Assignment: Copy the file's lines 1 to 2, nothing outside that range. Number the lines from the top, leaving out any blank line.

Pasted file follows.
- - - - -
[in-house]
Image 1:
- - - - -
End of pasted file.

[in-house]
Image 1: